Cycling was something that I began pretty early on. It was a real passion of mine, but as I became more and more infatuated with cooking, my career as a cyclist was limited. I started to question what I wanted my future to be. My wavering was greatly impacted by a bad crash that took me out of cycling for six months. That experience opened my eyes; it made me realize that the high risk of injury and hard training schedules may not have been worth it for a long-term career. Not that being a chef is the easiest career path.
Tell me about your cycling background. Why do you love cycling and why is it important to you?
Around the age of 10 I started cycling, influenced by my Dad who was an avid cyclist. At first, I was only competing and training for road races, but over time I became very interested in mountain biking. As a child, it was a great activity for me, and it grew from a hobby to a passion that shaped my youth very much. I was a member of the Junior Swiss National Team, and that enabled me to travel throughout Europe for races, see a lot of the region that I may never have had an opportunity to see, but also learn a lot about discipline, teamwork, and the importance of setting goals. There were plenty of great moments, but I also remember not wanting to live solely on a diet of granola bars and bananas and staying at some less-than-glamorous hotels—something any cyclist could relate to. But cycling for me was, and always will be, a love of mine and a sport that influences who I am personally and professionally.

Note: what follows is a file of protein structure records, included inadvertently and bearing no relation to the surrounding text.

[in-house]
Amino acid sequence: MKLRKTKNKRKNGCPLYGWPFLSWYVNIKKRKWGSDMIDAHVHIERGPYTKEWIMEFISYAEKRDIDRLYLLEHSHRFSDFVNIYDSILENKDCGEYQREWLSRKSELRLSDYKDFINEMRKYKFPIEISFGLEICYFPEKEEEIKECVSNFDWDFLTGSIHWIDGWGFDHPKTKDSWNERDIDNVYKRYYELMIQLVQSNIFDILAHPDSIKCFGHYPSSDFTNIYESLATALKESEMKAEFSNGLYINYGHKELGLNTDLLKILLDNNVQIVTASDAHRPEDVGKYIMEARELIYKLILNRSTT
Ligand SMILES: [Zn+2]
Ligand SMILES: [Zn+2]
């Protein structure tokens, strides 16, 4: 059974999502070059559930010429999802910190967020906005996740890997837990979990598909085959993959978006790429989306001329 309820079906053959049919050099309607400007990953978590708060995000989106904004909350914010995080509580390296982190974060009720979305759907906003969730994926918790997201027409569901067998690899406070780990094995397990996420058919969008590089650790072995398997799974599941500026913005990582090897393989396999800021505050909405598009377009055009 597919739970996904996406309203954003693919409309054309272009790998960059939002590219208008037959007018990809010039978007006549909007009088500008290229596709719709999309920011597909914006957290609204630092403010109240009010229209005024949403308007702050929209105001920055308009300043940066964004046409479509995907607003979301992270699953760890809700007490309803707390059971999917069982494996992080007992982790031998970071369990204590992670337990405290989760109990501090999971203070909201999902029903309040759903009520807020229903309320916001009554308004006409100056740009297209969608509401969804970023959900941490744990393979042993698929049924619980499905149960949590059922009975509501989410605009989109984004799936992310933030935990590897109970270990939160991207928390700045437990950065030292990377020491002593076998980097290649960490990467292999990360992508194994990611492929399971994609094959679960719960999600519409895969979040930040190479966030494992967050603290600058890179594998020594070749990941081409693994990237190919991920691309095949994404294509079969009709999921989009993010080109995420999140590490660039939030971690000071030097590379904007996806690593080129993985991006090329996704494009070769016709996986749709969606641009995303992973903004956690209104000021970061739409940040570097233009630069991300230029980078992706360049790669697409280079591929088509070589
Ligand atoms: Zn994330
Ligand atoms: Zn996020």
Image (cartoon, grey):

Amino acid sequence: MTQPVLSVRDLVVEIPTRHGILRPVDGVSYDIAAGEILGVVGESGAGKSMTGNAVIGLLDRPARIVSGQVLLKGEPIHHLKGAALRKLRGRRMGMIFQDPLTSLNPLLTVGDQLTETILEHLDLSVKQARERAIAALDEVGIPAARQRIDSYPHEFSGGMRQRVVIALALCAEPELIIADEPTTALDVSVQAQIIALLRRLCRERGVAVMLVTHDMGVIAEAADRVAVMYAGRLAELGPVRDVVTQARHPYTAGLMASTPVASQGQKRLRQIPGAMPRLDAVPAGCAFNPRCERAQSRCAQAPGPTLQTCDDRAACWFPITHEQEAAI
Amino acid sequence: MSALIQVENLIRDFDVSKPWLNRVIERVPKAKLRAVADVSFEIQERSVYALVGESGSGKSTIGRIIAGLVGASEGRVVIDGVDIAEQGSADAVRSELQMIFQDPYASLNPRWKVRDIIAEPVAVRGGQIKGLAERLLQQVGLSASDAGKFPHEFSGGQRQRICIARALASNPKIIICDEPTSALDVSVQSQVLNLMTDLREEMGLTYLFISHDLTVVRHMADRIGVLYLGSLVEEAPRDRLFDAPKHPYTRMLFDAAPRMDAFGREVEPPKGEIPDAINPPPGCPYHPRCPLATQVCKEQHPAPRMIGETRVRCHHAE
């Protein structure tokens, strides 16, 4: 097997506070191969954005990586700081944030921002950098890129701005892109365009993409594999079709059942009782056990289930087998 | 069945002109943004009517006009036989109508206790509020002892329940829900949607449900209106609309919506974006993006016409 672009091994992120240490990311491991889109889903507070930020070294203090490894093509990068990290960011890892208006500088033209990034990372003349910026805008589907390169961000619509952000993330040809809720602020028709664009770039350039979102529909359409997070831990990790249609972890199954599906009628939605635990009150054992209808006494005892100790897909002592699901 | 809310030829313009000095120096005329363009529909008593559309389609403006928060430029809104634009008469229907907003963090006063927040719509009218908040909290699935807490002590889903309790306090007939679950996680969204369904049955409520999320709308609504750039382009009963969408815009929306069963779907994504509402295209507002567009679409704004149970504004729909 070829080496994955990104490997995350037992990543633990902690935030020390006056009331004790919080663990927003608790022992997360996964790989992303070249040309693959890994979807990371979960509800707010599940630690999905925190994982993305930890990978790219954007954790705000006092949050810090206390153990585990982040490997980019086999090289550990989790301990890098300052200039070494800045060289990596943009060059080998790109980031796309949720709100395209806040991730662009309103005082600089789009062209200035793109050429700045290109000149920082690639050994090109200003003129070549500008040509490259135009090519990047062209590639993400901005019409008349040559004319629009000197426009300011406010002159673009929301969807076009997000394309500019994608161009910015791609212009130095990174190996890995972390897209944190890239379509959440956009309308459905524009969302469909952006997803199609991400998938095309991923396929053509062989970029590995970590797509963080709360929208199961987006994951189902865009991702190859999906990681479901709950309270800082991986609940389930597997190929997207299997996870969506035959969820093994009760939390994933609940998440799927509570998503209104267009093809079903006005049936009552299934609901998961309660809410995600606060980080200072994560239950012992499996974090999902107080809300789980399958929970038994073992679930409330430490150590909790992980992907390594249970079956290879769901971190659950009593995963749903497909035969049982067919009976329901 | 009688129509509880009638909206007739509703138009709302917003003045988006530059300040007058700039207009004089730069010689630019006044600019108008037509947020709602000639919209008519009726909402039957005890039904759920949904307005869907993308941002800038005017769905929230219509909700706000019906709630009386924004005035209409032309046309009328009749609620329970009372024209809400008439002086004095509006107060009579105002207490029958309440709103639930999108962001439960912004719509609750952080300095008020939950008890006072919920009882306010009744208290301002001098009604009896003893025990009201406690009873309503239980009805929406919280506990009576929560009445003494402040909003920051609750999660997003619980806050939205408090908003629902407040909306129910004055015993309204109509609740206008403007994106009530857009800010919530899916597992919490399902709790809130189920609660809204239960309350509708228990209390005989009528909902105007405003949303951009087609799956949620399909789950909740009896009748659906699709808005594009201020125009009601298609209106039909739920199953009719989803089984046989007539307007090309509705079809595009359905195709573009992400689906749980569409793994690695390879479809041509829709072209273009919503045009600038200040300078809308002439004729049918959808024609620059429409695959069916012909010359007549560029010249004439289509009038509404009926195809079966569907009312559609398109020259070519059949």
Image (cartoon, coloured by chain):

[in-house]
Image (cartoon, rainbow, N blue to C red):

What role do your bike adventures play in your life today? Do you still ride regularly?